The Real Promise of Enterprise IoT

These are exciting times in the world of enterprise technology. Or more accurately, these are still exciting times, because for several decades now, software and the internet have been changing not just how companies do business, but what business they are in, and in some cases whether they are in business at all.

The current wave has been called many things. Steve Case called it the Third Wave (great book, by the way); Geoffrey Moore, Satya Nadella and others are calling it System of Intelligence. I don’t care for the IoT moniker (like “big data,” it is too broad and frothy to be useful), but it’s good shorthand. Technically, it’s a combination of distributed systems, internet connectivity, data and analytics. Organizationally, it is at the intersection of IT and the business unit, and for many of our customers it’s the first time that information technologies have been embedded in the company’s products and services.

I find this commercial transformation to be the most interesting aspect of this enormous shift. Multi-billion dollar organizations are fundamentally changing the value they deliver to their customers. They are not just changing their product (although that is required); they’re not only connecting their Things (also required) or gathering data or adding analytics to their enterprise or… any of the myriad technical and business process changes needed to make their System of Intelligence real in the world.

At the root of the SaaS revolution was the idea that customers don’t want to own software, they want a CRM or a cloud-based file storage system or an enterprise communication solution: a solution to optimize their internal business processes. Propelling the IoT wave is the idea that Thingmakers’ customers don’t want to own Things; they don’t want to own filters & pumps, but rather purchase fluid management as a service; they don’t want to own a blood bag machine, but rather subscribe to plasma collection solutions. In short, the end customer wants to focus on their core business itself, rather than on the logistics required to enable that business.

This is the real promise of IoT. And it is a radically different promise: it is an external promise, a promise that echoes all the way to the end consumer, a promise to deliver benefits along the entire value chain. Thingmakers who embrace IoT become embedded in their customers’ value propositions, creating durable relationships based on value delivered. That is a revolution.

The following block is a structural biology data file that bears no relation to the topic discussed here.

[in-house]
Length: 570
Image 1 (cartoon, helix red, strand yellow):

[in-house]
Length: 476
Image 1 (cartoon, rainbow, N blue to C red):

However, if IoT is a wave, the industry is still paddling out to catch it. Connecting the Things, modeling the data, integrating with existing enterprise systems of record, ensuring security and scalability… these are still the primary challenges the industry is solving today as we build these Systems of Intelligence. Harvesting the gathered intelligence, and determining what that means at the human level, are for most IoT projects still to come.

I recently joined Bright Wolf, an enterprise IoT solutions company. Bright Wolf has been building, deploying, and supporting distributed connected enterprise IoT systems for Fortune 1000 clients since 2009. I am incredibly excited to be joining full time, after being an advisor for almost three years through incredible growth and impact on customers. Bright Wolf is doing our part to make sure that enterprise IoT projects become true Systems of Intelligence that enable our customers to transform the business they are in, so their end customers can in turn focus on their business.

We’d love to share our experiences and hear what challenges you or others may be facing; reach out if you’d like to talk. We’ll also be keeping up a steady stream of insights and lessons learned at http://52.4.141.11/blog.

You can follow us @bright_wolf, or on LinkedIn. And you can find me @prbourne or peter@brightwolf.com.

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